The second part of this list of the top incident response steps looks at the importance of tracking intruders correctly, limiting reputational damage, ensuring business continuity
6. Track the intruder.
Before organisations can decide how to track intruders, it's necessary to determine through an incident response plan if policy will be to prosecute in all cases of breach, regardless of whether the actual hacker is caught. Even in cases where it's impossible to identify an attacker, the policy may be to prosecute anyone at fault, including hosts or third-party providers. This will, in turn, determine how the organisation must track the intruder or other guilty parties. If there is a policy to prosecute, then all tracking must be done forensically so as not to compromise or contaminate evidence that might be used at court.
Defense lawyers are quick to argue that evidence is inadmissible if it is not collected in accordance with accepted forensic procedure. For this reason, it is essential that an organisation make contact with a forensic investigation specialist at the outset, in order to include relevant guidance within the plan. If you propose to outsource all hacker tracking to this third party, ensure relevant contact details, including out-of-hours contacts, are included in the plan.
If the intention is to handle the investigation in-house, ensure the response team members are familiar with both the tools they must use and the correct application of those tools to stay within the boundaries of properly collected evidence.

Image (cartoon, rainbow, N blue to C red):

7. Limit the brand damage to your business.
It is all too easy to assume the breach itself, or, rather, the loss of data arising from it, is the biggest problem the business faces. In truth, the reality in many cases is that it is the public perception of how the company responded to the breach that can cost the most in terms of brand positioning and loss of reputation.
Planned and measured disclosure under the full control of the incident response team is always a better option than reacting to incomplete or speculative media reports. However, it is vital that the company take legal advice when preparing its incident response plan to ensure disclosure is in accordance with the law in the organisation's part of the world, and with the compliance requirements of its industry sector.
Involve human resources and corporate communications departments in the disclosure planning process as well, as they will be on the front line when it comes to dealing with customers, staff and the media. Finally, while timely disclosure is almost always advised, 'timely' does not mean rushed. Verify the facts of the matter before telling customers or the media. If the company underplays the seriousness of a breach and then has to correct this later and admit things were actually much worse, the damage can be as great as if it had said nothing at all.
8. Don't forget about business continuity.
Business continuity and incident response plans should form part of an integrated incident management strategy. This way, the incident response team will be able to make decisions with business continuity and data recovery in mind, as well as dealing with the pure security threat response.